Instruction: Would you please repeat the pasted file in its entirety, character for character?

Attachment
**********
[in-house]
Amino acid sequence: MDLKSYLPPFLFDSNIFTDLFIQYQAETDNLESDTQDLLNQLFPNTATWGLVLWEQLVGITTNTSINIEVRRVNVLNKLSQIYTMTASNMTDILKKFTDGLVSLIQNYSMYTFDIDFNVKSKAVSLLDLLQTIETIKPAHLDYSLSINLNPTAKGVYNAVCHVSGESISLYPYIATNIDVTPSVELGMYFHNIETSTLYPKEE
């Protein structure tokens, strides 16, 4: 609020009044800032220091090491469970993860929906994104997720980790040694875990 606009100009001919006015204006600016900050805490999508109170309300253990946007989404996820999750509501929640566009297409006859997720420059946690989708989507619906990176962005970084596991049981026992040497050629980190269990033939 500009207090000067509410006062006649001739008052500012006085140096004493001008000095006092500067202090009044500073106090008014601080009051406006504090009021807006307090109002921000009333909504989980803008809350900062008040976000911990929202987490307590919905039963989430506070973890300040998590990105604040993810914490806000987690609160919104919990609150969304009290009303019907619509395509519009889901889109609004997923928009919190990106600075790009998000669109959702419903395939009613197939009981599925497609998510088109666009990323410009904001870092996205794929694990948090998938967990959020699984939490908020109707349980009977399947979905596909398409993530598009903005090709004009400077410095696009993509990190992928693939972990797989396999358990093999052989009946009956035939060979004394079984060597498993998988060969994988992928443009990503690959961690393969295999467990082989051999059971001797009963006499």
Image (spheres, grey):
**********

[in-house]
Amino acid sequence: MDLKSYLPPFLFDSNIFTDLFIQYQAETDNLESDTQDLLNQLFPNTATWGLVLWEQLVGITTNTSINIEVRRVNVLNKLSQIYTMTASNMTDILKKFTDGLVSLIQNYSMYTFDIDFNVKSKAVSLLDLLQTIETIKPAHLDYSLSINLNPTAKGVYNAVCHVSGESISLYPYIATNIDVTPSVELGMYFHNIETSTLYPKEE
């Protein structure tokens, strides 16, 4: 609020009044800032220091090491469970993860929906994104997720980790040694875990 606009100009001919006015204006600016900050805490999508109170309300253990946007989404996820999750509501929640566009297409006859997720420059946690989708989507619906990176962005970084596991049981026992040497050629980190269990033939 500009207090000067509410006062006649001739008052500012006085140096004493001008000095006092500067202090009044500073106090008014601080009051406006504090009021807006307090109002921000009333909504989980803008809350900062008040976000911990929202987490307590919905039963989430506070973890300040998590990105604040993810914490806000987690609160919104919990609150969304009290009303019907619509395509519009889901889109609004997923928009919190990106600075790009998000669109959702419903395939009613197939009981599925497609998510088109666009990323410009904001870092996205794929694990948090998938967990959020699984939490908020109707349980009977399947979905596909398409993530598009903005090709004009400077410095696009993509990190992928693939972990797989396999358990093999052989009946009956035939060979004394079984060597498993998988060969994988992928443009990503690959961690393969295999467990082989051999059971001797009963006499």
Image (spheres, grey):